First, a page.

Columbus County, North Carolina facts for kids
|Columbus County, North Carolina|
Location in the state of North Carolina
North Carolina's location in the U.S.
954 sq mi (2,471 km²)
937 sq mi (2,427 km²)
16 sq mi (41 km²), 1.7%
161/sq mi (62/km²)
|Time zone||Eastern: UTC-5/-4|
|Named for: Christopher Columbus|
According to the U.S. Census Bureau, the county has a total area of 954 square miles (2,470 km2), of which 937 square miles (2,430 km2) is land and 16 square miles (41 km2) (1.7%) is water. It is the third-largest county in North Carolina by land area. There are several large lakes within the county, including Lake Tabor and Lake Waccamaw.
One of the most significant geographic features is the Green Swamp, a 15,907-acre area along highway 211 in the north-eastern portion of the county. It contains several unique and endangered species, such as the venus flytrap. The area contains the Brown Marsh Swamp, and has a remnant of the giant longleaf pine forest that once stretched across the Southeast from Virginia to Texas.
- Bladen County - north
- Pender County - northeast
- Brunswick County - southeast
- Horry County, South Carolina - southwest
- Robeson County - northwest
- US 74
- US 76
- US 701
- NC 11
- NC 87
- NC 130
- NC 131
- NC 211
- NC 214
- NC 242
- NC 410
- NC 904
- NC 905
In 1983, State and Federal Investigators began Operation Gateway US, an investigation into the activities of several elected officials in Brunswick and Columbus counties. Law enforcement seized 37 million dollars of illegal drugs, and arrested several leading citizens in the area. The scandal was labeled "COLCOR" in the press, shorthand for Columbus Corruption.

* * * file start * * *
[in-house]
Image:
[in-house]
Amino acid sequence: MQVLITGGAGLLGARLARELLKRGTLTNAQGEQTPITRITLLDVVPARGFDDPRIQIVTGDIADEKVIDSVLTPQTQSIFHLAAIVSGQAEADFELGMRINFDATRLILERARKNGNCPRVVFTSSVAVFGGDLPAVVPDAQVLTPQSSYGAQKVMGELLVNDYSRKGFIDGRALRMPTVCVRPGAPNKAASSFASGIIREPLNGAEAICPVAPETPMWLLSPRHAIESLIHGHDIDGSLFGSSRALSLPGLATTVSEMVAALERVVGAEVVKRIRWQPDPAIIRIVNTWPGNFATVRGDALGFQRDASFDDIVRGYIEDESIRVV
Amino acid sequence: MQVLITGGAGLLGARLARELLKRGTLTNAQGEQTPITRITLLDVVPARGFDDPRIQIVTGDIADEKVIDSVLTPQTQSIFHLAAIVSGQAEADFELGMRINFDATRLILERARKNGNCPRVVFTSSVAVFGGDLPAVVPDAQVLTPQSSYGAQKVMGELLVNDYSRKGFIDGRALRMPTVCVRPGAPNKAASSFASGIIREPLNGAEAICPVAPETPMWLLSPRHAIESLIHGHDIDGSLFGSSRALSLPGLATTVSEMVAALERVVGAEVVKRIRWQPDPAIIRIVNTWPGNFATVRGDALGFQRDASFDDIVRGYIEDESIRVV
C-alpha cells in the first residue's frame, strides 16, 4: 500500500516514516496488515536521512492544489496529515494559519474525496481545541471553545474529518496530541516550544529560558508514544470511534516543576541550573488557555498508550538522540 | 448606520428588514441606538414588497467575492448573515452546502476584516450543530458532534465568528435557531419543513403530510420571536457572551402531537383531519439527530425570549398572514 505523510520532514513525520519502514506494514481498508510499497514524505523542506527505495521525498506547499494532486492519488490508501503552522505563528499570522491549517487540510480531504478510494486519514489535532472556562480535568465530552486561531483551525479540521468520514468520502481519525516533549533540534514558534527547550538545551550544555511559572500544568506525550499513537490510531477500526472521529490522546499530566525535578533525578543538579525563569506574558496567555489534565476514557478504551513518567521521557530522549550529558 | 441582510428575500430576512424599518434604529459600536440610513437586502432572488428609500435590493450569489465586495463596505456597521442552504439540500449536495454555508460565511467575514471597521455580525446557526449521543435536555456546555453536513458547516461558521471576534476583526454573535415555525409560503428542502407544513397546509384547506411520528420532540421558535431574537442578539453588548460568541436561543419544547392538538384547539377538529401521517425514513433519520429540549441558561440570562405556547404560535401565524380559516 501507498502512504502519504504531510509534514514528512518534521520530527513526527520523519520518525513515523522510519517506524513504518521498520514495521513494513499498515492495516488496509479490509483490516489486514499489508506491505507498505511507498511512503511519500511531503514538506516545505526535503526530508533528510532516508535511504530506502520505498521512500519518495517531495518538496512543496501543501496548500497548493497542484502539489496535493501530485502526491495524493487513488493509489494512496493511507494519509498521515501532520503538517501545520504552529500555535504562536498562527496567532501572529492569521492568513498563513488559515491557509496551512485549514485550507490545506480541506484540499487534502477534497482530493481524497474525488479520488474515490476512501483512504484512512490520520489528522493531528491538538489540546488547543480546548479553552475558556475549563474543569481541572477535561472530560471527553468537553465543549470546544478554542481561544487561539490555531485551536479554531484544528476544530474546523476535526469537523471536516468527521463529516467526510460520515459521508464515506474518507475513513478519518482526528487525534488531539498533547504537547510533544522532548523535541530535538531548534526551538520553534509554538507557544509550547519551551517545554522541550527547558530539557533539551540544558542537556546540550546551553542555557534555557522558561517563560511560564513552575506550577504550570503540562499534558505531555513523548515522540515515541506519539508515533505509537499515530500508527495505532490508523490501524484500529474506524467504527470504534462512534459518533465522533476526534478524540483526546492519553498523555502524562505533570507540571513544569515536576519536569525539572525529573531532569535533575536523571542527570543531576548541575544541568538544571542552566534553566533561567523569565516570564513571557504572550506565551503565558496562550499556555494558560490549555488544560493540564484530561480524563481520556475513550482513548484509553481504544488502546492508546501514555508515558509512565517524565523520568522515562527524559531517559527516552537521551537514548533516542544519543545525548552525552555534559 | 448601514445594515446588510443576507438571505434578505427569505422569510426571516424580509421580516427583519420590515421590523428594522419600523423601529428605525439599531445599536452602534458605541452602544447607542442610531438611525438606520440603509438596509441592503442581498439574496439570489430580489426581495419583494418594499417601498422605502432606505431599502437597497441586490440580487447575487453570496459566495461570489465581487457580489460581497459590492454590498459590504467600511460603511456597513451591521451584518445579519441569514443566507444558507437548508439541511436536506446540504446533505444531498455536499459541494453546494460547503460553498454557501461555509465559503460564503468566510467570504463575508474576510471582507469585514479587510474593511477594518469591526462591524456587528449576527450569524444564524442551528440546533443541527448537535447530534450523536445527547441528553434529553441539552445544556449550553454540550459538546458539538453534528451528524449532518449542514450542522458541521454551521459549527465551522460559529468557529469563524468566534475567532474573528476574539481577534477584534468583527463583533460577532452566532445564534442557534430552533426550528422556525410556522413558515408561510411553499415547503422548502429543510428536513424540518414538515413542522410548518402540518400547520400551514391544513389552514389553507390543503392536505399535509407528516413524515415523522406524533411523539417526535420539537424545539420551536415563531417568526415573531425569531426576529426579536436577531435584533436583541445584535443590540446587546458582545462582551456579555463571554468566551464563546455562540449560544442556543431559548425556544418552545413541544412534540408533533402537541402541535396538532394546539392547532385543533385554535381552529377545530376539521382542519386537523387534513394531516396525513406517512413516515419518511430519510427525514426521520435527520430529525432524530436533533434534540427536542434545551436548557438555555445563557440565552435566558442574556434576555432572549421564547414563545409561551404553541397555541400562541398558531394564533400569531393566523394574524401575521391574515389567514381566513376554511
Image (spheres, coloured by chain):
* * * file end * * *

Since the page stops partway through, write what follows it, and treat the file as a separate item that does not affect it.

Waccamaw Siouan Indian tribe
The Waccamaw Siouan Indians are one of eight state-recognized tribes. Their homeland territory is at the edge of Green Swamp in present-day Columbus County. Historically, the "eastern Siouans" had territories extending through the area of Columbus County prior to any European exploration or settlement in the 16th century.
English colonial settlement in what was known as Carolina did not increase until the late 17th and early 18th centuries. Following epidemics of infectious disease, the indigenous peoples also suffered disruption and fatalities during the colonial Tuscarora and Yamasee wars. Afterward most of the Tuscarora people migrated north, joining other Iroquoian-speaking peoples of the Iroquois Confederacy in New York State by 1722, when they declared their migration ended and official tribe relocated to that area.
The Waccamaw Siouan ancestors retreated for safety to an area of Green Swamp near Lake Waccamaw. Throughout the 19th century, the Waccamaw Siouan were seldom mentioned in the historical record. Toward the end of the century, the U.S. Census recorded common Waccamaw surnames among individuals in the small isolated communities of this area.
In 1910, the earliest-known governmental body of the Waccamaw Indians was officially created, named the Council of Wide Awake Indians. At a time of racial segregation in North Carolina schools, the council sought to gain public funding for Indian schools, as the Lumbee (then known as Croatan Indians) had achieved in the late 19th century. They also hoped to gain federal recognition as a tribe, but it was rare for landless Indians and was associated with the tribes that had official treaties with the United States, typically those on reservations. The Council opened its first publicly funded school in 1933, founding others soon after. They continued to have difficulty in getting state funding for schools, as minorities had been disenfranchised in North Carolina since passage of a suffrage amendment in 1900 that created barriers to voter registration. The Council campaigned for federal recognition in 1940 during the President Franklin D. Roosevelt administration, which had passed the Indian Reorganization Act of 1934, encouraging tribes to re-establish self-government.